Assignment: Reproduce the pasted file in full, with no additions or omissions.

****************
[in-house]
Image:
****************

[in-house]
Image: